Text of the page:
Everyone agrees that the historical novel is an almost impossible genre to write successfully. Yet it keeps being written, and being successful. It’s having rather a boom in the early 21st century, with the success of Hilary Mantel’s Thomas Cromwell trilogy and others.  And it had its biggest boom in the early Victorian period, propelled into the limelight by Walter Scott and his Waverley novels, and proliferated by many anonymous and many now sidelined authors including John Galt, sisters Jane

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Hard Times and radical collectivity in the era of COVID-19 

One of the most memorable – and puzzling – moments in Charles Dickens’s Hard Times (1854) occurs when the beleaguered factory worker Stephen Blackpool falls into an abandoned mineshaft.  Ostracized by his fellow mill “Hands” for his refusal to join the union, prevented by intractable Victorian divorce laws from marrying his true love Rachael, and framed for a bank robbery he did not commit, Stephen flees the grim, industrial city of Coketown but changes course when Rachael implores him to

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Just Like Us: Victoria, Albert and the middle-class family (part 1 of 4)

In behaving publicly much like members of the mid-nineteenth-century middle class, Victoria and Albert achieved great influence – both by making their subjects aspire to be like them, and by displaying their contemporaneity with those they ruled. This examination of aspects of the royal family’s domestic life, and of the image they presented to the nation, makes reference to selected diary entries and correspondence of Queen Victoria, and to imagery illustrating how Victoria and Albert might appear to their contemporaries almost as being ‘just like us’.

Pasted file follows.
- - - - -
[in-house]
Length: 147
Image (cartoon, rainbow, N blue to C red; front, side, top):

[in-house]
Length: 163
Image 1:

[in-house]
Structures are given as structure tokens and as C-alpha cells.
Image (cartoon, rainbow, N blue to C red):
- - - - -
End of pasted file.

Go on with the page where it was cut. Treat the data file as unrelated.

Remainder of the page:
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DIGITAL FORUM: ‘The Future of Academic Journals’ (21:1)

‘The Future of Academic Journals’ edited by Zoe Alker, Christopher Donaldson and James Mussell. This Digital Forum offers perspectives on the opportunities and challenges presented by the use of digital technologies in academic publishing, networking and communication. It features position papers from three participants in the ‘Victorian Studies Journals: Coming of Age’ roundtable that convened at BAVS 2015: Lucinda Matthews-Jones, James Mussell and Helen Rogers. Collectively, these three scholars offer incisive reflections on the ways that scholars and publishers have

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Emily Bowles, “What’s to-day, my fine fellow?”: Classifying and Dating Tony Jordan’s ‘Dickensian’

Emily Bowles is a PhD candidate at the University of York. Her research focuses on Charles Dickens’s self-representation 1857-1870, and representations by Dickens’s friends and family 1870-1939. She is also a postgraduate representative for the Northern Nineteenth Century Network and assistant administrator for the Women’s Life Writing Network. You can find her on Twitter @EmilyBowles   I had been keeping an eye out for Dickensian since October 2014, when rumours of it echoed around the Dickens Day Conference in Senate